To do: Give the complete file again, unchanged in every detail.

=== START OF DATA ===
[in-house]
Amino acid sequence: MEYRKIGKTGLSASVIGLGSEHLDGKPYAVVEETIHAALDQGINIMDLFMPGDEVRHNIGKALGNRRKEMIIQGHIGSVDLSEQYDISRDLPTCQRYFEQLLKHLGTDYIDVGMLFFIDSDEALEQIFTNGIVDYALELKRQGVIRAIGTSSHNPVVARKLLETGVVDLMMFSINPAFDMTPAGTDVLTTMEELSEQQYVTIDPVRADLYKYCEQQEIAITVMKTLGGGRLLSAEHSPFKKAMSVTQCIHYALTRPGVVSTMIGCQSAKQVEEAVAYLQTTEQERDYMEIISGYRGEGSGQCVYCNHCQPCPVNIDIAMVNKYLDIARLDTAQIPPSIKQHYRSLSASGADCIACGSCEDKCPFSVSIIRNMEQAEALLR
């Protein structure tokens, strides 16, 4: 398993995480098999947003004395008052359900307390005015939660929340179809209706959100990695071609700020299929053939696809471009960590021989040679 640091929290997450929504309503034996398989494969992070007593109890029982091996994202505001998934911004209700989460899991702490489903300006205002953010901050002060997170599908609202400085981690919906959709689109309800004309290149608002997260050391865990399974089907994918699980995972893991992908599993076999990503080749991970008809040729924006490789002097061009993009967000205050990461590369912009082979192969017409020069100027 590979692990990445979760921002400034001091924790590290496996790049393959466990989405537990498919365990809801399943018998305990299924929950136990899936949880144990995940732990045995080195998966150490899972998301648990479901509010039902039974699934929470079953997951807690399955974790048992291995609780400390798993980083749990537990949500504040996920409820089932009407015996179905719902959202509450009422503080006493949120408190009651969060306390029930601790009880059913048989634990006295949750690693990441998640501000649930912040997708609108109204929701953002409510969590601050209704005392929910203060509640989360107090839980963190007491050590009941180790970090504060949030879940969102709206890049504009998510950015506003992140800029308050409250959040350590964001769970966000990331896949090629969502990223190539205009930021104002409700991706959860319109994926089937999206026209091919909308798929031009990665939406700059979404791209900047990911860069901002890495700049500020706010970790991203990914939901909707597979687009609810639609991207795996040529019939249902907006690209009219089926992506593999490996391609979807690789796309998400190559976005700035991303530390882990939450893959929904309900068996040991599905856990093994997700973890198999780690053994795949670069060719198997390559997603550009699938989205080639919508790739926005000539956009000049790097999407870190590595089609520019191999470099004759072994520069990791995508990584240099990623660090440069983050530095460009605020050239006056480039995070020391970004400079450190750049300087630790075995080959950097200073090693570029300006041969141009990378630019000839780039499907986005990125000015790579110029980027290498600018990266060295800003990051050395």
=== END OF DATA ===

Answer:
[in-house]
Amino acid sequence: MEYRKIGKTGLSASVIGLGSEHLDGKPYAVVEETIHAALDQGINIMDLFMPGDEVRHNIGKALGNRRKEMIIQGHIGSVDLSEQYDISRDLPTCQRYFEQLLKHLGTDYIDVGMLFFIDSDEALEQIFTNGIVDYALELKRQGVIRAIGTSSHNPVVARKLLETGVVDLMMFSINPAFDMTPAGTDVLTTMEELSEQQYVTIDPVRADLYKYCEQQEIAITVMKTLGGGRLLSAEHSPFKKAMSVTQCIHYALTRPGVVSTMIGCQSAKQVEEAVAYLQTTEQERDYMEIISGYRGEGSGQCVYCNHCQPCPVNIDIAMVNKYLDIARLDTAQIPPSIKQHYRSLSASGADCIACGSCEDKCPFSVSIIRNMEQAEALLR
């Protein structure tokens, strides 16, 4: 398993995480098999947003004395008052359900307390005015939660929340179809209706959100990695071609700020299929053939696809471009960590021989040679 640091929290997450929504309503034996398989494969992070007593109890029982091996994202505001998934911004209700989460899991702490489903300006205002953010901050002060997170599908609202400085981690919906959709689109309800004309290149608002997260050391865990399974089907994918699980995972893991992908599993076999990503080749991970008809040729924006490789002097061009993009967000205050990461590369912009082979192969017409020069100027 590979692990990445979760921002400034001091924790590290496996790049393959466990989405537990498919365990809801399943018998305990299924929950136990899936949880144990995940732990045995080195998966150490899972998301648990479901509010039902039974699934929470079953997951807690399955974790048992291995609780400390798993980083749990537990949500504040996920409820089932009407015996179905719902959202509450009422503080006493949120408190009651969060306390029930601790009880059913048989634990006295949750690693990441998640501000649930912040997708609108109204929701953002409510969590601050209704005392929910203060509640989360107090839980963190007491050590009941180790970090504060949030879940969102709206890049504009998510950015506003992140800029308050409250959040350590964001769970966000990331896949090629969502990223190539205009930021104002409700991706959860319109994926089937999206026209091919909308798929031009990665939406700059979404791209900047990911860069901002890495700049500020706010970790991203990914939901909707597979687009609810639609991207795996040529019939249902907006690209009219089926992506593999490996391609979807690789796309998400190559976005700035991303530390882990939450893959929904309900068996040991599905856990093994997700973890198999780690053994795949670069060719198997390559997603550009699938989205080639919508790739926005000539956009000049790097999407870190590595089609520019191999470099004759072994520069990791995508990584240099990623660090440069983050530095460009605020050239006056480039995070020391970004400079450190750049300087630790075995080959950097200073090693570029300006041969141009990378630019000839780039499907986005990125000015790579110029980027290498600018990266060295800003990051050395």